The pain came because I exercised, walked, danced, and played so much that I was too tired to let the anxiety and adrenaline keep me awake in spite of jet lag. I slept without nightmares, waking only because of time zone differences and the need to use the facilities. Not until last night/this morning did I wake up in the middle of the night scared and unable to go back to sleep for hours. A call to the hotline helped. And making phone calls to follow up on packages, etc. did too.
But what helped the most was listening to the person on the phone as he listened to me, validated my feelings, saw my pain and offered compassion that I couldn’t give myself. Eventually, I started to relax and believe that. When the sun started to rise, I felt sleepy again and slept for a few hours.
Today I started Chapter 4 in Part 2 – the beginning of the program and exercises. Reading these passages helped me realize that I hold myself back, stop myself from doing what I want, neglect personal care and house cleaning out of feelings of shame that stem from my abuse. Moving helped. But this will help more. And maybe I’ll be able to clean house and stay organized like I wish. Or go to the dentist and be able to take proper care of my mouth/teeth like I want.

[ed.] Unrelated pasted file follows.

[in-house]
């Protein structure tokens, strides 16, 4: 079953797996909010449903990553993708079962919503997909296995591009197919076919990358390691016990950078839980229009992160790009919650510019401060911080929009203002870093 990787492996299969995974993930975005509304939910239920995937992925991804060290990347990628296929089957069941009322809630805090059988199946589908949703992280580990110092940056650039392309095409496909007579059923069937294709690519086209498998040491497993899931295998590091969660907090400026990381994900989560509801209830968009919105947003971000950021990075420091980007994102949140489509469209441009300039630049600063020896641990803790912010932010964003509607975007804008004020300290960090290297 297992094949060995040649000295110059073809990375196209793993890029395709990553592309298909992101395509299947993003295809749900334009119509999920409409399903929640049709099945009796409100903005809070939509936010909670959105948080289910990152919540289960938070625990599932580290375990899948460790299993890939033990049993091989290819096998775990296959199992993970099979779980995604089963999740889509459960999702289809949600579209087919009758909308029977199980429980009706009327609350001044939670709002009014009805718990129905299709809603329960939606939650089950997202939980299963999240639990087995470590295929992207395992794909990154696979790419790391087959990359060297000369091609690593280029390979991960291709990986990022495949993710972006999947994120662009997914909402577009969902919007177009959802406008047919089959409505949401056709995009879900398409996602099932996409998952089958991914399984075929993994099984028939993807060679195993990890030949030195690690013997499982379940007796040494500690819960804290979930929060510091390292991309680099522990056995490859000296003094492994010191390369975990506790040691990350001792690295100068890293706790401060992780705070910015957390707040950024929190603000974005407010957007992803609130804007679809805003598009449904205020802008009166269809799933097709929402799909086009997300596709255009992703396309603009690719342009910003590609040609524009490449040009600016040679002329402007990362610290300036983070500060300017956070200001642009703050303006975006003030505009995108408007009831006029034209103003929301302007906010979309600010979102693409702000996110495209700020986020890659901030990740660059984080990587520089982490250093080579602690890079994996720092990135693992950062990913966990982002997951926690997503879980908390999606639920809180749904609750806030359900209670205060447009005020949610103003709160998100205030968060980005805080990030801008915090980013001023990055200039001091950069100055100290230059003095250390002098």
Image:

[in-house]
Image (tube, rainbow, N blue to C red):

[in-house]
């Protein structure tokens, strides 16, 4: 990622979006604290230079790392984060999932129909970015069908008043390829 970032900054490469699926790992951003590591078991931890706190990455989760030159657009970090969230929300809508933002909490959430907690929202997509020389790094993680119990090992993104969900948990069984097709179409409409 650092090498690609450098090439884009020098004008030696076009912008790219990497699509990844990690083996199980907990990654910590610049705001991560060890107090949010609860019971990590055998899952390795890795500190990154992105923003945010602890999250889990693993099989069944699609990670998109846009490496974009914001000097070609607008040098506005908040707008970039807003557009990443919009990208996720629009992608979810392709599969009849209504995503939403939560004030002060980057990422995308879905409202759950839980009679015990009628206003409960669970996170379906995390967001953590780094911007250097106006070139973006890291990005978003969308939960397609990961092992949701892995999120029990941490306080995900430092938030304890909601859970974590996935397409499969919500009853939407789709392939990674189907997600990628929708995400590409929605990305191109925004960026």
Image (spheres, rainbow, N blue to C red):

Before this book, especially the questionnaires in each chapter, I never really knew how embedded shame is in my life. It continues to stop me from living and being the best I can be in so many insidious ways. Self-compassion is such a struggle, yet so beneficial. Maybe this book will offer resources and strategies that bridge the disconnect between mainstream books and survivors’ or victims’ perspectives.
Thanks for reading